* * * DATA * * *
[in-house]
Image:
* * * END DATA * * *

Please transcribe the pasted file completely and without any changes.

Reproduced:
[in-house]
Image: